# FIVE NUMBERS GAME

Soon to be an app and online game with more features, variety and fun!

Five Numbers Game is an original card game that makes math fun. I thought of it a number of years ago and have played it countless times with children of various ages and they have all loved it. The game can be played alone or with two or more people and is fun for all ages, starting at the point where kids know basic mathematics.

To Start: From a standard deck of cards, remove the face cards (jacks, queens, kings and jokers) as the game needs only aces through tens. Ace = 1 in this game. Deal each player five cards. No other cards will be used. Before looking at the cards, somebody picks a target- a number from 50 to 99.

To Play: Use each card once and any combination of addition, subtraction, multiplication and division to get as close as possible to the target. Pencil and paper are not allowed!

Example: Someone chooses a target of 73. Player A is dealt...

He or she may think of: 8 + 2 = 10; 10 x 7 = 70; 70 - 4 + 6 = 72. There are other possibilities- including a way to get 73- which is part of the fun and mental exercise. Limit the game to one, two or three minutes, depending on the skill level of those playing. (This doesn't mean having to use a timer or stopwatch, I've always played with a general sense of when enough time has passed.) After this, each player demonstrates his or her calculation to the others.

Remember, each card must be used and only one time.

To Score: In the above example, the player gets 1 point since the calculation of 72 is one off the target of 73. Higher or lower than the target does not make a difference. Getting the target exactly scores a bonus of -1 instead of 0 points. Play a set of five games. The winner is the player with the least points after the set of games; -5 is the best possible total. (Youngsters not yet up to speed with negative numbers can score a zero for hitting the target exactly.)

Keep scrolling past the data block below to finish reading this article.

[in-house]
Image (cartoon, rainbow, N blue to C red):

Tie-Breaker: If two players end the set of games with, say, seven points each, then the one with the lowest score in any round is the winner. If they are still tied, then the one with the best score from any two rounds is the winner. If still tied (I haven't experienced this, but figure I should include the possibility), the two can play single games till one gets a better score.

Penalty: If a player makes a mistake in his calculation, he automatically gets 5 points on top of the worst score by any other player.

A solo player can add his or her points from a set of games and play against that personal score.

To make sure the five dealt cards are varied and helpful, a player can exchange some if he got: two 1s, two 10s, or three numbers under 4. This must be done before the target is announced.

Variation:

Rather than deal each player five cards, lay five cards face up on the table for everyone to use. Either all players should use pen and paper or all should not. (If only some write their calculations, then in a case where the first player shows a calculation on paper that scores well, the second player who did not write it can simply say the same thing as the first if he does not have as good a mental calculation.)

If all choose to not use pen and paper, then it's best to play without a time-limit. Instead, a round ends when one player "calls it" by announcing that she is close to the target. She then verbally reveals her calculation and the other players get 5 points on top of her score. To prevent a player from calling it after one second and revealing a calculation that is way off the target, a calculation must be no more than 5 off the target. If the one who calls it makes a mistake- in the calculation or being more than 5 off the target- then another player must call it and the one who made a mistake is penalized with 10 points on top of the caller's score.

Choose one or more of the following to make the game even more fun.

A) Shorten the time-limit and use a timer to be exact.

B) Lightning bonus; score an extra -1 when a player gets the target within 3-5 seconds.

C) Use exponents and square roots. In our example, the player can go: 8 to the power of 2 = 64; 64 + 7 = 71; 71 + 6 - 4 = 73! To do a square root, one must use the number 2, either the card 2 or other cards forming 2 (as in, card6 minus card4 = 2). Then with the number 9, or 16, or 25, or other, a player can go: the square root (2) of 25 = 5...

Let me know what you think and your comments, especially new rules and variations, may be posted here. Email me at (Sorry, it's not clickable in order to reduce spam.)